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Complications following dental treatment in a child with haemophilia A: lessons to be learnt
  1. Rebecca Paul1,
  2. Christina George1,
  3. Ajit Chandrasekhar2 and
  4. Rabin Chacko3
  1. 1Dental and Oral Surgery I, Christian Medical College Vellore, Vellore, Tamil Nadu, India
  2. 2Oral and Maxillofacial Services–Dental and Oral Surgery I, Christian Medical College Vellore, Vellore, Tamil Nadu, India
  3. 3Dental and Oral Surgery, Christian Medical College and Hospital Vellore, Vellore, Tamil Nadu, India
  1. Correspondence to Dr Rabin Chacko; rabshirl{at}


A boy in his middle childhood with severe haemophilia reported with facial swelling following dental treatment for a carious upper primary molar done at a private dental clinic elsewhere. On presentation, he had a large, tense and tender swelling of the left cheek and a haematoma on the buccal mucosa adjacent to the treated tooth. The child was found to have a low haemoglobin level. He was taken for an emergency procedure under general anaesthesia for dental extraction with incision and drainage, and simultaneously underwent packed cells and factor replacement. He recovered in the ward postoperatively with no complications and with a gradual reduction of the swelling. This report highlights the importance of caries prevention in children, especially those with haemophilia. They need to be educated about restricting cariogenic foods in their diet and maintaining good oral hygiene. Management of such patients should be carefully coordinated to minimise undesirable outcomes.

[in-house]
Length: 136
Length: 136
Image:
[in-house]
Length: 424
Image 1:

• Dentistry and oral medicine
  • Haematology (incl blood transfusion)
  • Oral and maxillofacial surgery
  • Malignant and Benign haematology

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  • Contributors Supervised by RC. The patient was under the care of RC. Report was written by RP, CG and AC.

  • Funding The authors have not declared a specific grant for this research from any funding agency in the public, commercial or not-for-profit sectors.

  • Case reports provide a valuable learning resource for the scientific community and can indicate areas of interest for future research. They should not be used in isolation to guide treatment choices or public health policy.

  • Competing interests None declared.

  • Provenance and peer review Not commissioned; externally peer reviewed.